So They Say: The Boys on the Bandwagon
The Boys on the Bandwagon
If every expression of moral indignation were worth a pound, many politicians would be wealthy people. This is merely a notion, most of the politicians manage well enough for other reasons. But a showing of respectable dissociation from the latest social skeleton to emerge forms a part of the repertoire. The stimulus need not be a new one. Frequently it is not. The current “scandalous” discovery has political hypocrites of all colours expressing dismay by the bucketful.
More than 3,000 patients in the terminal stages of kidney failure die every year because the treatment which could save them is not available, it was stated yesterday.
Daily Telegraph, 30th November 1977
An all-party deputation of MPs and Peers is now calling upon Mr. Ennals, the Social Services Secretary, to remedy this state of affairs. But what do they expect him to do?
In early November a government offer to supply kidney machines to six regional health authorities was rejected by five of them “on cost grounds”—the running costs of the machines would have worked out at £64,000 a year for each authority. The chairman of the British Kidney Patient Association described the rejections as “immoral” as do the self-righteous MPs. The fact that Mr. Ennals’ department is putting pressure on regional health authorities to curb spending, has nothing to do with them.
Poland has been much in the news following the signing of a ship-building order with Britain in November. This caused a spate of newspaper reports on the country; in turn these remind us that the Poles refer to themselves as “communists”. In fact their society exhibits the characteristics which, in other countries, are accurately referred to as capitalistic. It is amazing what effect a national boundary can have on the labelling processes employed by newspapers— a process they occasionally refer to as analysis.
On the domestic scene, the drive towards a consumer society has slowed down. Continuing inflation, shoddy goods, shortages of certain products and, in particular, a chronic lack of meat characterize the consumer’s lot.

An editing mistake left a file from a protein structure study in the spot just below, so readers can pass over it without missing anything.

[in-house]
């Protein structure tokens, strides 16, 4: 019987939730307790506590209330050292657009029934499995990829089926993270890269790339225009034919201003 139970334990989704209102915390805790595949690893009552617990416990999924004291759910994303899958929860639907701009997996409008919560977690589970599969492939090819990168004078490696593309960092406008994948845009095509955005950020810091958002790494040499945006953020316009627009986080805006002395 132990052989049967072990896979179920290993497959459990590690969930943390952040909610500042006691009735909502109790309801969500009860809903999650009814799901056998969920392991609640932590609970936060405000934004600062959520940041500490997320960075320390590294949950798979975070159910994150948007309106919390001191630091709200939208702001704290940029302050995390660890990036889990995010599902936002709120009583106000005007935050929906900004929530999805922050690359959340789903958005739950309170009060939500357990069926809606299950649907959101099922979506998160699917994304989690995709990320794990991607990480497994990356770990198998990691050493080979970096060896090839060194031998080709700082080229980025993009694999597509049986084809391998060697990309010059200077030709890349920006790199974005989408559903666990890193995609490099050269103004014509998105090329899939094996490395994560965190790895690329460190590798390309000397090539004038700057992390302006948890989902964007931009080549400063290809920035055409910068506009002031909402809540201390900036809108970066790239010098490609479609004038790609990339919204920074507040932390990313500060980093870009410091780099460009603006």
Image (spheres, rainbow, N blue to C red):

The Times, 24th November 1977
It was the latter aspect which caught our eye; reading further we found “People do not understand why, in a meat-exporting country, meat is scarce”. Readers wishing to learn the answer to this remarkable riddle arc invited to enquire at any of our meetings.
The Italian Connection
The visit of the Polish leader, Mr. Gierek, to the Vatican in early December illustrates how the so-called marxists seem to have forgotten what Marx said about religion. Or have they? He called it the opium of the people and the Polish leaders, like any other capitalist leaders, have learned that a pipe dream can have its uses. When it is considered that of thirty-five million Poles, thirty-three million are Catholics, the church clearly presents a formidable propaganda outlet.
At the time of the food price riots in Poland last year, the Catholic church issued a call for “solid work” and “sacrifices for the common good” from the Polish people. They also called for the government “to cease its oppression of workers who took part in anti-government protests”. The government, as The Times of 29th November puts it, “did not play fair” however and only gave publicity to the first part of the message. The “common good” representing the pipe dream. With indications that there are further price increases to come, bringing with them the likelihood of protests and disorder, Mr. Gierek has been obliged to ensure that there will be an adequate supply of opium of government approved quality.
Mr. Gierek’s visit was the first by a leader of the Polish party to the Vatican. This in itself would have given it high importance. It has certainly shown the extent of the need felt by the Polish government for some degree of collaboration in Poland from the Catholic hierarchy.
The Times, 2nd December 1977
Up until recently we were under the impression that all the parties of capitalism claimed at least, that they would introduce justice and fair play. The phrases are sufficiently ambiguous and pleasant sounding to be considered as key-stones in any respectable manifesto. In the forefront stood the Labour Party. It was extremely common knowledge that the working man and woman could expect justice and fair play from them in incalculable quantities.
We say the working man because these worthy aims were offered exclusively to him. The non-working man, the capitalist, manages well enough on material posession to require much ethereal property. But the Labour Party has now unearthed a difficulty: Mr. Callaghan has lost the way.
I ceased to worship free collective bargaining more than 10 years ago. There is nothing new about that. I went to the TUC Congress and said that. Collective bargaining is not a means of obtaining justice or fair play, but at the moment I do not know of a better system.
The Times, 2nd December 1977
This is quite a problem. Mr. Callaghan will have to work on it. More likely though that he and the rest of them will do what they have always done, and sleep on it instead.